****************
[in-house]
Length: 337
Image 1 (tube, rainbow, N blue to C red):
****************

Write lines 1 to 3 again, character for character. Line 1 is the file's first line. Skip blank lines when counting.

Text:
[in-house]
Length: 337
Image 1 (tube, rainbow, N blue to C red):